Flash floods batter Afghanistan, at least 22 dead


An Afghan woman walks, as she is reflected in flood water in Kabul, Afghanistan.—AP Photo

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KABUL: At least 22 people in Afghanistan were killed and farmland was damaged when flash floods hit a plain near the capital, officials said on Sunday.

Normally arid Afghanistan can get heavy rain in its summer and more than 60 people were killed early this month in flooding east of the capital, Kabul.

The latest floods followed hours of torrential rain and hail on Saturday, with the Shomali plain, just to the north of Kabul, particularly hard hit.

Six of the dead were children, said senior Kabul police officer, Sayed Ekramuddin Jalal.

“We have already sent teams of rescuers to the area and taken people out of danger,” he said.

Several people were injured and about a dozen homes were washed away. Many irrigation canals and wells, as well as orchards and fields were damaged, he said.

Some of the victims were visiting relatives for the Eidul Fitr holiday, he said.

Two women were killed and four people were injured in flooding elsewhere, said Ghulam Farouq, an official at the Ministry of Disaster Preparedness.

Afghan girls’ school feared hit by poison gas

As many as 74 schoolgirls in Afghanistan’s far north fell sick after smelling gas and were being examined for possible poisoning, local officials said on Sunday.

Schoolgirls who fell ill after smelling gas at their school, receive treatment at a hospital in Takhar province, Afghanistan, April 21, 2013. REUTERS-Stringer

TALUQAN, Afghanistan | Sun Apr 21, 2013

(Reuters) – While instances of poisoning are sometimes later found to be false alarms, there have been numerous substantiated cases of mass poisonings of schoolgirls by elements of Afghanistan’s ultra-conservative society that are opposed to female education.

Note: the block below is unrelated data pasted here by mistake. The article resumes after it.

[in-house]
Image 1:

Local officials said the girls became ill after smelling gas at their school, Bibi Maryam, in Takhar province’s capital, Taluqan. The city is about 250 kilometers north of the country’s capital, Kabul.

The Takhar governor’s spokesman, Sulaiman Moradi, blamed “enemies of the government and the country” for the mass illness and said the aim was to stop girls from going to school.

The girls were taken to the provincial hospital and most were released after being treated, though several remained in a critical condition on Sunday evening, the head of the hospital, Dr Jamil Frotan, said.

“We have already sent samples of their blood to the Ministry of Public Health and it will soon become clear what the reason for their illness was,” Frotan said.

The apparent poisoning came three days after more than a dozen students fell ill in another girls’ high school in Taluqan. No-one has claimed responsibility for either incident.

Between May and June last year there were four poisoning attacks on a girls’ school in Takhar, prompting local officials to order principals to stay in school until late and staff to search the grounds for suspicious objects and to test the water for contaminants.

Takhar has been a hotbed of militancy and criminal activity since 2009, with groups such as the Taliban and the Islamic Movement of Uzbekistan active.

Since the 2001 ousting of the Taliban, which banned education for women and girls, females have returned to schools, especially in Kabul.

But periodic attacks against female students, their teachers and their school buildings, continue.

Afghan women have won back basic rights in education, voting and employment since 2001, but fears are growing that such gains could be traded away as Western forces prepare to leave and the Afghan government seeks peace talks with the Taliban.

(Writing by Dylan Welch; Editing by Stephen Powell)

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